“The physical and mental health aspect of movement can’t be underestimated,” said Fitzgerald-Mosley. “It can’t be duplicated when you’re sitting in a chair playing an instrument or drawing. We don’t just fund traditional ‘balls and bats’ programs. We fund a few dance programs in Harlem and a few yoga programs. It is definitely a huge differentiator to have kids moving.”

In America, where millions are affected by chronic disease and obesity, Laureus’ data suggests that these programs centered on physical activity could potentially have the power to change the future health of the country.

Using Fashion To Raise Awareness

Of course, Fitzgerald-Mosley’s job isn’t always solely focused on the heavy task of solving the world’s issues. There’s plenty of room for lightness and creativity. 

In 2018, she got a chance to organize Laureus’ inaugural “Sport for Good Fashion Show”. During Fashion Week in New York City, the organization invited 20 professional athletes to walk the runway in order to raise funds to support disadvantaged youth. Renowned sports celebrities like Olympic fencer Ibtihaj Muhammad and NFL MVP Marcus Allen strutted under the spotlights, wearing designer threads. Kristi Castlin, the hurdle queen, wowed the crowd with fine jewelry, while X Games legend Tony Hawk made a playful entrance by skating down the catwalk.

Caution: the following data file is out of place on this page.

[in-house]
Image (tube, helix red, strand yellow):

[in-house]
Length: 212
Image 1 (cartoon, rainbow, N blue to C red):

“It was a lot of fun, and we’re expecting to have the same amount of fun [this year],” said Fitzgerald-Mosley.

This year’s fashion show gala will take place on Tuesday, Sept. 10th at the Mercedes-Benz Manhattan Dealership. The model lineup is packed with all-stars: former NFL player Jesse Palmer, five-time Olympic gold medalist Nadia Comaneci, Super Bowl champion Malcolm Mitchell, four-time Olympic gold medalist Sanya Richards-Ross, NBA all-star Dwight Howard and more.

These are all athletes who recognize that their success on the field can mean more than hanging a shiny prize around their necks.

“I always say that my gold medal is the gift that keeps on giving,” said Fitzgerald-Mosley. “I just want to pay it forward to other kids and women, in particular, to be able to fulfill their dreams.”

That gold medal may not be the jewelry she’ll be rocking on that runway, but it will certainly be there in spirit, guiding the energy of the night.

The Laureus Good for Sport Fashion Show tickets are now available. Click here to grab your spot or to simply donate.